Spittler v. Nicola

Annotate this Case

479 N.W.2d 803 (1992)

239 Neb. 972

Julian K. SPITTLER and Dorothy J. Spittler, Appellees, v. Harry D. NICOLA et al., Appellees, and Robert W. Hyde and Frances Hyde, Appellants.

No. 89-771.

Supreme Court of Nebraska.

February 14, 1992.

*805 Donn C. Raymond, Gering, for appellants.

Thomas E. Brogan, of Brogan & Stafford, P.C., Norfolk, for appellees Spittler.



Robert W. and Frances Hyde appeal a summary judgment holding them liable for rents, real estate taxes, utility bills, insurance premiums, maintenance costs, and interest because of their guaranty of a lease and its addendum.

We affirm the $30,429.50 summary judgment entered in favor of the appellees Julian K. and Dorothy J. Spittler by the district court for Madison County.


In 1974, the appellees Spittler owned land in Madison County, Nebraska, upon which Grampy's International, Inc., a Nebraska corporation, (Grampy's) wished to operate a "Grampy's" restaurant. The parties entered into a long-term lease. It required the Spittlers to construct, and they did so construct, a restaurant building to Grampy's specifications. Grampy's, as lessee, agreed to pay rent, real estate taxes, and the cost of utilities, maintenance and insurance beginning June 1, 1974. The lease, accompanied by an addendum, was executed by the parties on April 15, 1974. There is no mention of a guaranty in either the lease or the addendum.

On April 20, 1974, a guaranty was executed and delivered to the Spittlers. It reads:

*806 GUARANTY AGREEMENT We, the undersigned, being interested in the business success of GRAMPY'S INTERNATIONAL, INC., A Nebraska Corporation, and desiring to assist said Corporation in obtaining a Lease from JULIAN K. SPITTLER and DOROTHY J. SPITTLER, Husband and Wife, on a Tract of land upon which a Grampy's Restaurant is to be constructed, do hereby request and authorize Julian K. Spittler and Dorothy J. Spittler, Husband and Wife, to enter into a Lease, together with an Addendum thereto, with the Corporation on a Tract of land located in the NW4NW4, of Section 34, Township 24 North, Range 1 West of the 6th P.M., Madison County, Nebraska, as more specifically described in said Lease, and in consideration of said Lease, hereby guarantee all of the obligations of Grampy's International, Inc., as contained in said Lease and Addendum thereto. This Guaranty shall be joint and several and the undersigned specifically waive notice of default and consent to extensions of time of performance in connection therewith. Dated this 20th day of April, 1974.

(Emphasis supplied.)

The guaranty was signed personally by Harry D. Nicola and Mary Pat Nicola, husband and wife; William S. Whitehead and Margaret H. Whitehead, husband and wife; Robert W. Hyde and Frances Hyde, husband and wife, who are the appellants; and Donn C. Raymond and Virginia M. Raymond, husband and wife. Robert W. Hyde executed the lease and addendum as president of Grampy's.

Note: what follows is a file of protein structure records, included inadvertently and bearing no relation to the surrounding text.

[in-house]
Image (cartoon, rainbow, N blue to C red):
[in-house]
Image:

The Spittlers filed this lawsuit on the guaranty in the district court for Madison County on June 29, 1988. They alleged that they had entered into a lease and an addendum to the lease on April 15, 1974, with Grampy's; that the appellants and others, on April 20, 1974, executed and delivered to the Spittlers an agreement which guaranteed all of Grampy's obligations under the lease and addendum; and that beginning in December 1987, Grampy's had failed to meet its obligations under the lease and addendum. The Spittlers' petition further alleged that demand for payment under the guaranty agreement had been made upon the guaranty's signatories, but that the signatories had made no payments. The Spittlers prayed for judgment against the guarantors "and each of them."

In their joint answer, the Hydes and the Raymonds claimed that the guaranty was executed separately from the lease and that they received no separate consideration for executing the guaranty agreement. Therefore, the Hydes and Raymonds contended that the guaranty agreement was void. The Raymonds additionally claimed that they received a discharge in bankruptcy on July 17, 1986, and that they were entitled to a judgment of dismissal as a matter of law.

The Hyde-Raymond answer also alleges that there had been assignments of the lease and a subsequent sublease which discharged their responsibilities under the guaranty agreement. The Hydes and Raymonds moved for leave to file a third-party complaint against one of the assignees. The motion was denied, and that ruling is not an issue in this appeal.

The status of the defendants Nicola and Whitehead is not reflected in the record. No responsive pleadings on their behalf were filed.

On May 17, 1989, following a hearing on April 20 at which the lease, addendum, guaranty, and the Spittlers' affidavit were received in evidence, the trial court granted the Spittlers' motion for summary judgment and assessed damages against the Hydes in the sum of $30,429.50. The court dismissed the petition as against the Raymonds.


The Hydes assign as error the trial court's (1) finding that there was no material issue of fact, (2) sustainment of the Spittlers' motion for summary judgment, *807 and (3) failure to grant the appellants' motion for summary judgment. Since the appellants' motion for summary judgment is not contained in the record, we will not discuss that assignment of error. Meaningful appellate review requires a record that elucidates the factors contributing to the lower court judge's decision. See, First Nat. Bank v. Schroeder, 218 Neb. 397, 355 N.W.2d 780 (1984). See, also, Stevens v. Stevens, 228 Neb. 84, 421 N.W.2d 429 (1988). This court will not speculate upon what basis the appellants sought summary judgment.

On appeal, in substance, the Hydes argue that summary judgment should not have been entered against them because the evidence at the summary judgment hearing failed to show that there was consideration for the guaranty.


In considering whether the trial court was correct in granting the Spittlers' motion for summary judgment, we are guided by the following principles: